These 12 cocktails from Himitsu are inspired by the Japanese zodiac

As he shakes a Tokyo gin fizz behind Himitsu’s illuminated copper-topped bar, Shingo Gokan tells the drink's backstory. This is just part of the alchemy he performs  behind the stick inside the swanky speakeasy. Most cocktail menus change seasonally, but Gokan's new one shines a light on the Japanese zodiac, taking imbibers on a celestial cocktail journey with 12 drinks.

A journey is what Gokan is all about these days. He describes himself as a “well-traveled bartender” and has made a name for himself in bars and cocktail competitions around the globe. In 2012, he was named one of the best bartenders in the world after winning the Bacardi Legacy Global Cocktail Competition. Last year,  Tales of the Cocktail named him International Bartender of the Year. Between traveling the world to learn cocktail traditions, he spends his time jutting among his speakeasy bars Speak Low and Sober Company in Shanghai and Himitsu in Atlanta, where he is creative director.

The Japanese zodiac, “junishi,” was imported from ancient China. According to the lunar calendar, it groups together birth years into 12 blocks, with each block honoring an animal. People are said to inherit the personality traits of the symbolic animal associated with their birth year.

The Tokyo gin fizz, Gokan says, was the signature cocktail of U.S. soldiers stationed in Tokyo. They wanted to be able to drink a cocktail forbidden in the morning by General MacArthur. Bartenders at the now famous Kaikan Club bar shook up gin with milk so that soldiers could sneakily imbibe. This classic becomes the year of the sheep (hitsuji) for Gokan. He sneakily hides clarified coffee under the foamy top, which to him, resembles sheep’s wool. It’s a zippy mix that’s bright yet carries distinct coffee flavor.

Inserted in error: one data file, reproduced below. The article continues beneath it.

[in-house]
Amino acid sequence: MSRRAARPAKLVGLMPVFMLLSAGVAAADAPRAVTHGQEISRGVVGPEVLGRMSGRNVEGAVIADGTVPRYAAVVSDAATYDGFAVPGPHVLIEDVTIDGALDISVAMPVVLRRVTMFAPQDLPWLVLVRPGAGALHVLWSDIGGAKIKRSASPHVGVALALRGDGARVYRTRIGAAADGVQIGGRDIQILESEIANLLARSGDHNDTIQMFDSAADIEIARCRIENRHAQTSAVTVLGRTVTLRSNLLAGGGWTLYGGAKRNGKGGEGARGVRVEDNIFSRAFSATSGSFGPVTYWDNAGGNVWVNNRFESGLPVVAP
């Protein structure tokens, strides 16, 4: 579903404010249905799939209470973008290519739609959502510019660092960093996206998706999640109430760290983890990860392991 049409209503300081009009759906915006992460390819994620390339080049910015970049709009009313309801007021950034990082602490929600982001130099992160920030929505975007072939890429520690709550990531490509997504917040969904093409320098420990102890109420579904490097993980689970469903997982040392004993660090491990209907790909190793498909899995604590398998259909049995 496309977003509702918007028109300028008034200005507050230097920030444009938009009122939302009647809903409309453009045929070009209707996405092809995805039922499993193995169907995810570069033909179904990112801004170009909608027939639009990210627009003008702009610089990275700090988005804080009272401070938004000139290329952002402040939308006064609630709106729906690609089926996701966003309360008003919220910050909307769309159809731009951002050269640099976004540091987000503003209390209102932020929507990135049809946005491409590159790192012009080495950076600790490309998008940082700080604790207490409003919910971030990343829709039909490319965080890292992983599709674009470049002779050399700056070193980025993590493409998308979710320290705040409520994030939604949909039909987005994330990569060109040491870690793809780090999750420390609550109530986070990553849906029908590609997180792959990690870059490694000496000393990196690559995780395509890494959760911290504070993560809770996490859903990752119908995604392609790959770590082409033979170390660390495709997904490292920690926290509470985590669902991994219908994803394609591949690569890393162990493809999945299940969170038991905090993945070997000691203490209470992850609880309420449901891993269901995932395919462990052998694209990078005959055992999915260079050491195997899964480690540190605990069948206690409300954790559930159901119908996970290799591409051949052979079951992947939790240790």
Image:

El Botarron used to age cocktails at Himitsu / Angela Hansberger

For the year of the ox (ushi) a mezcal negroni is mellowed with Mastiha, a Greek liqueur made with the resinous spice of an evergreen tree. Gokan adds ingredients to an airtight leather bota bag, periodically adding more, in what is called a solera-style technique. The leather softens the harshness of alcohol, marrying ingredients. The oils of the leather bag infuse earthy tones and add a savory mouthfeel to the cocktail. The traveling barman learned this technique during an exploratory agave trip to Oaxaca, Mexico.

One fun zodiac-inspired selection is for hebi, the snake. In a time-honored technique, Laphroaig 10-year scotch and Umeshu (Japanese plum liqueur) are added to a clay pot called a kame. The unlikely duo of intense peat and sweet plum bond and mellow to a subtle, powerful and elegant sip. Gokan uses a small steel cup on a long, flexible handle (venencia) to aerate the mixture before serving it over ice. It’s spectacular as a show that also allows flavors to open up in the sparkling crystal glass.

We won’t give away all the menus details. The fun is in discovering the way each classic cocktail relates to the honored animal of each sign. Trust us, you’ll find your spirit animal within the menu and Shingo Gokan as your guide.


The art of crafting ice at Himitsu

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